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Tuesday, 24 February 2004


Findlaw reports that an American court has found that software that allows consumers to circumvent protection measures that prevent consumers from copying DVDs is in breach of the Digital Millennium Copyright Act (DMCA). The defendant, 321 Studios, had argued that its technology was not in breach because it allowed consumers to make fair use of the material protected by the circumvention protection measures – for example, to make back-ups in case of the original work being damages and for journalistic use. According to Judge Susan Illston though, the software, which contains “keys” to unlock the protection on the DVDs, was illegal. Moreover, the DMCA was found to be compatible with free speech and not to interfere with the free use rights of consumers. 321 has said it will appeal.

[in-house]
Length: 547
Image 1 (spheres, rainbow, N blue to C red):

While the IPKat doesn’t advocate copyright infringement, he is most definitely in favour of the fair use provisions of copyright works, which strike the balance between the interests of copyright owners and the interest of other actors in having access to copyright works. In so far as this balance is not struck in the DMCA by the absence of fair use exceptions, he is not a happy cat.

DMCA here YMCA here

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